England - Prime Minister Gordon Brown pleaded with voters on Saturday to renew their faith in his Labour Party, which is forecast to lose a looming election, and promised to heal the battered economy.
Launching a campaign push billed as Operation Fightback by Labour headquarters, Brown sought in a televised speech to portray the Conservatives as elitist.
If you, like me, are from Britain's mainstream majority, from an ordinary family that wants to get on and not simply get by, then my message to you today is simple: take a second look at us, and take a long hard look at them, Brown said.
The Conservatives hit back that voters would reject Labour because of its performance during its 13 years in office.
He (Brown) asks Britain to take a second look at Labour when the public have been looking at them for 13 years and know they have failed, said top Conservative George Osborne, who is expected to become chancellor if his party wins.
Labour have won three elections since 1997 under the leadership of Brown's predecessor Tony Blair. Brown took over as prime minister when Blair stepped down in mid-term in 2007.
But Labour's star has faded since the financial crisis dragged Britain into recession. The Conservatives, led by the youthful and telegenic David Cameron, are far ahead in all opinion polls, although the gap has narrowed in recent weeks.
The election date is widely expected to be May 6.
Addressing a party rally on his birthday, Brown unveiled four key pledges for the campaign: to secure economic recovery, support new industries and future jobs, protect frontline public services and stand up for the many, not the few.
I'M NOT PERFECT
Focussing on the economy is a risky strategy for Brown, who was chancellor for 10 years before he took over as prime minister, and thus is seen by many voters as partly to blame for a downturn that has cost hundreds of thousands of jobs.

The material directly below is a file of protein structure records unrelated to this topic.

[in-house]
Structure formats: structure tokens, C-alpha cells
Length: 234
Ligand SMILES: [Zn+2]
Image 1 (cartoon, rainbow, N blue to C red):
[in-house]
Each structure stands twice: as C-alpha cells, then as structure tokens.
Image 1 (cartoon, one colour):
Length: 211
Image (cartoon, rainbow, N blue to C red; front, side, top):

Brown argues that his decisions at the height of the 2008 financial crisis averted a much bigger disaster.
In his speech, he said Labour would nurture a nascent recovery and rein in a ballooning budget deficit while also shielding schools, hospitals and the police from spending cuts.
Often criticised in his own camp for his stiff manner and his difficulty in connecting with voters, Brown has survived repeated leadership challenges. In an unusually relaxed performance on Saturday, he said he had changed.
I know -- really, I know -- that I'm not perfect, he said, smiling, to chuckles from an audience of party loyalists.
The moment was the latest in a series of comments apparently designed to soften Brown's image. He gave a television interview, broadcast last Sunday, during which he became tearful while talking about the 2002 death of his infant daughter.
In his speech, Brown also tried to come across as a fighter.
A key theme was that Labour stood for equality while the Conservatives represented the elite -- an attack on Cameron, who has promoted the idea of compassionate Conservatism.
Brown sought to exploit recent Conservative gaffes, such as a mistaken claim in a party campaign document that 54 percent of teenage girls in Britain's poorest areas became pregnant before they turned 18. The correct figure is 5.4 percent.
Can they claim they know the aspirations of mainstream Britain when they so clearly understand so little of how we live? he said.
(Writing by Estelle Shirbon; editing by Andrew Roche)